Having already waxed “asskissingly” on Spielberg’s ability to tell huge stories with many moving parts, it’s probably also worth mentioning that dude somehow has two major studio releases happening the same week, both of which he directed. Has that ever happened before? Has anyone even come close? I’m seriously asking, after looking up other prolific dudes like Steven Soderbergh or Woody Allen it appears no one has done anything close to this. Even those guys space flicks out at least 4-5 months apart.

**Worth noting that Daniel Craig is in this thing too, making it a nice little week for the chap as well.

And not only is it another movie, but its completely different, using my personal Uncanny Valley: motion-capture (in 3D to boot), to adapt George Remi’s comicbook of the same name. The Adventures of Tintin, with almost sixty reviews already in, is another clear victory for Spielberg as he tackles a new medium in animation. And though I’m destined to leave the theater feeling more than a little queasy, rest assured, kids will pack the seats for this thing and more often than not walk away pleased. Hell, its Spielberg. The Rotten Watch for The Adventures of Tintin is 86%.

We Bought a Zoo
Greatness, for most people, has a shelf life. Cameron Crowe’s expiration date might be fast approaching. What worked so well in Crowe’s earlier movies was his ability to create flawed, yet lovable characters who we couldn’t help but root for. So when Lloyd Dobler hoisted a boombox over his head or Jerry Maguire ran through the airport, the viewer cheered pretty damned loud because they were sort-of regular dudes with very regular problems (love, commitment, independence, etc). And Crowe surrounded his leads with memorable support (the Rod Tidwell’s, Jeff Spicoli’s and Penny Lane’s of the world), the kind who resonated beyond the scope of the film.

But a weird oops (Vanilla Sky-40%) followed by a colossal oops (Elizabethtown-28%) have Crowe dancing around the margins of mediocrity (or possibly even worse). And We Bought a Zoo looks like just the kind of last ditch effort at touching heartstrings by manufacturing emotion rather than creating it organically. The trailer has all the hallmarks of a flick trying really damned hard to “connect” you to the characters with quasi-inspirational lines, sort of introspective dialogue, life lessons aplenty and even some running in the rain. And I think, based on the trailer and some early reviews, the film will straddle the middle, with Crowe furthering distancing himself from all the things that made his career near spotless, and pop-culturally relevant only a decade ago. The Rotten Watch for We Bought a Zoo is 51%.

The Darkest Hour
Of everything coming out this week, I think this flick most embodies the real spirit of Christmas. After all, it’s about a race of aliens who come to Earth with the sole intention of sucking all the life and energy out of the planet with little regard to the feelings of the populace. Isn’t that what really happens around the holidays? If only the aliens were dressed as Santa and hailed from the planet Walmart. Then I think this thing would be right on the money.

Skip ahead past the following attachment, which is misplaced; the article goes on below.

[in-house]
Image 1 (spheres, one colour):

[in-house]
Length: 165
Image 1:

Chris Gorak (Right at Your Door-67%) directs a movie that is either going to be completely awful or fairly awesome with really no room in between. I’m leaning toward the former in that it turns out to be just another alien, world domination flick (set in Moscow for some reason) that’s been covered about a billion times before. Some of the scenes look compelling and the “We can’t see the enemy” has a large scale Predator feel to it, but ultimately I think it falls flat and corny. But at least it embodies the Christmas spirit (everyone ends up dead!). The Rotten Watch for The Darkest Hour is 29%.

Which Rotten movie will have the highest final Tomatometer score?

Recapping last week:

Sherlock Holmes: A Game of Shadows (Predicted: 69% Actual: 61%)
Alvin and the Chipmunks: Chipwrecked (Predicted: 20% Actual: 13%)

Another very strong week of predictions. Both movies were wins in my “within 10%” book although neither was a stretch. Anyone who thought Alvin and company would finish with more that one out of five critics liking it probably needs some sort of medical treatment. And Sherlock fell right into place as something enjoyable without being amazing. Good week all around.

We’ll take next week off for Jesus’s and Santa’s birthday and be back to ring in the New Year. Happy Holidays everyone and thanks for reading. It’s going to be a Rotten Week!